In 2012, Pemex announced some major oil discoveries in a new exploration region with its first two Ultra Deep Water exploration wells. The first achieved the deepest well ever drilled in Mexico to a depth of 6,119 m and the second achieved drilling in the deepest water depth at 2,900 m. These wells have confirmed that Perdido has a high potential for commercial production. This reservoir was found in Lower Tertiary geological system.
Problems incurred while drilling out from under the large casing sizes (22”, 18”, 16”) with tandem hole enlargement bottom hole assemblies. Shallow reservoirs need to be evaluated for hydrocarbon potential, but these shallow hole sections are in very large hole sizes that require optimizing the drilling and formation evaluation. The objective here is to drill, evaluate and enlarge with the same BHA. During the same trip, the simultaneous enlargement of the hole is made to avoid a second under reaming trip (22”, 20”, 17 ½”, 16 ½”, 13 ½”).
The shallow vertical depth of the reservoirs and the shallow geohazards requires a directional well design avoids the shallow hazards and the directional build section is intended to intersect the drilling target. An alternative strategy is to acquire the full suite of wireline logs in a dedicated 12 ¼” pilot hole. Subsequently, an under-reaming trip is made for the hole enlargement. This second option is also very time consuming.
The drilling group has evolved a tandem drilling assembly from traditional hole enlargements of 17½”x20" or 12¼”x 14 3/4" to more complex simultaneous drilling and hole enlargements BHA’s of 12 ¼”x 16 ½”x20” or 12 ¼”x14½”x17 ½”. These new assemblies incorporate the rotary steerable system with mechanical and hydraulic hole openers, plus a complete set of LWD measurements for supporting the real time formation and geo-mechanical evaluation. This combination assures that in one run, the hole is drilled, evaluated, and enlarged, reducing well bore stability risk, and saves time and resources.
Significance of Subject Matter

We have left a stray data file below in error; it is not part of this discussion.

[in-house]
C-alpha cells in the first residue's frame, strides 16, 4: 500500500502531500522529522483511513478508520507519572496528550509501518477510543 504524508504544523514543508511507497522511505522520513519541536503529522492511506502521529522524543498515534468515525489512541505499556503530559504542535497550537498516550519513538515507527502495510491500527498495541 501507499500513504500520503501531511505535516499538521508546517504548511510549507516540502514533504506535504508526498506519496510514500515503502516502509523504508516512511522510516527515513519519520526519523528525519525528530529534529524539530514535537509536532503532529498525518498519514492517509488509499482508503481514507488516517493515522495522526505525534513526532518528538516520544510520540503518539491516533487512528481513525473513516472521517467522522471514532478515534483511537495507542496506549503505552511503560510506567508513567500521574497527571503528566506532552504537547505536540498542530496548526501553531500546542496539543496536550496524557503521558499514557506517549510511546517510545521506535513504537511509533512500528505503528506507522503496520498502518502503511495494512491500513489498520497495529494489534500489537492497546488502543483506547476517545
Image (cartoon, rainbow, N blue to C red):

Pemex evaluated the reservoirs in the discovery of commercial quantities of hydrocarbons that can possibly double the oil reserves of Mexico
Vallejo, Victor Gerardo (Pemex E&P) | Olivares, Aciel (Pemex) | Crespo Hdez, Pablo (Pemex E&P) | Roman, Eduardo R. (Pemex E&P) | Maia, Claudio Rogerio Tigre (Halliburton) | Guajardo, Michael (Halliburton)
A well testing operation was performed to confirm productivity potential in an ultra-deepwater area where a 5660-ft exploratory well had been drilled. This was a gas well, drilled from a semi-submersible drilling rig. As well testing from submersible rigs is a critical and sensitive operation; all planning had been carefully reviewed by the operator to ensure a safe, environmentally friendly operation.
The formation of hydrate plugs during ultra deepwater well testing is a critical concern, since water can be trapped and form a solid crystalline structure around gas when there are low temperatures near the mud line. This hydrate formation is a common occurrence in deepwater drilling operations, particularly while using water-based mud. Thermo-dynamic inhibition may not be effective in these cases, as several limitations in achieving the required injection rate exist.
Oilwell testing operations in deep and ultra-deep water have become common practice around the world, and vast experience with these types of operations has been acquired; experience with gas wells, however, has not been as comprehensive, and only a few gas wells have been tested under the conditions presented in this type of scenario. Because of the low number of gas wells tested in these deepwater conditions, best practice information is limited.
The intention of this paper is to present a case history and the lessons learned during a well testing operation in which water production in the gas-well was greater than anticipated during the clean-up period. A massive hydrate plug was formed while coiled tubing was being pulled out of hole, and the coiled tubing became stuck. The steps taken to free the coiled tubing will be discussed, and the discussion will include:
• Conditions that must be present to form hydrates
• How the problem in this case was resolved
• How to help prevent hydrate formation
• Best practices for well testing in deep-water gas wells to maintain safety and economic viability.
This case history discusses a gas well being drilled with a semi-submersible drilling rig in ultra deep water, offshore Mexico.